Do Private Employers have a Vaccine Mandate: Which Guidance Applies Currently? 

Earlier this month, President Biden described a six-pronged strategy to create a path out of the pandemic. Included were vaccine mandates for federal contractors and many healthcare workers. And, in addition, a requirement for all employers with 100 employees or more to ensure that their employees were either fully-vaccinated against COVID-19, or tested weekly.  Since this announcement, CorHR has been fielding inquiries from employers of all sizes confused over whether or not a vaccine mandate currently applies to them. At this time, the short answer for private employers is “Not yet.” However, there are recommended steps to take to prepare for when this status will likely change in the coming weeks. Additionally, Cal/OSHA’s Emergency Temporary Standards remain in effect for most California employers.

 If navigating employer requirements are confusing to you, let’s discuss how CorHR can help find the best path forward for your business.

When will the ‘Vaccine Mandate’ become a requirement? 

The directive for private employers with 100 employees or more would take form as an Emergency Temporary Standard (ETS) issued by federal OSHA, and impact private employers including office-based employers that wouldn’t regularly interact with OSHA otherwise (e.g. professional and technical work environments, law firms, financial institutions, etc.). Once issued, the ETS would have immediate effect in the 29 states where federal OSHA has direct jurisdiction, and can remain in place for six months before it must be replaced by a permanent standard.   It is important to note however, that California is a “state-plan” state, where Cal/OSHA has direct jurisdiction. Hence for California, Cal/OSHA would have an option to adopt fed OSHA’s ETS or enact “just-as-effective” measures within 15 to 30 days.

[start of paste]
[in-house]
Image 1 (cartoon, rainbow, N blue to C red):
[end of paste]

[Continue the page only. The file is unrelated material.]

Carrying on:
Would any roles qualify to be excluded from consideration for either a vaccine mandate or weekly testing?

Although we have yet to see what comes from fed OSHA or Cal/OSHA, it appears reasonable to presume that employees that solely work remotely (i.e. from home, etc.) would not be impacted by these changes so long as they don’t ever come into the office or interact with others face-to-face to carry out their work responsibilities. However, employees with a hybrid work schedule for example, even where they come to the office on an occasional basis, would need to be included in consideration by the employer.

What steps are recommended at this time for private employers to take?  

We recommend that employers consider implementing the following steps to prepare for what’s ahead:

  1. Adopt procedures for determining employees’ vaccination status. You may require proof of vaccination and must keep this information as a confidential record, apart from the personnel file.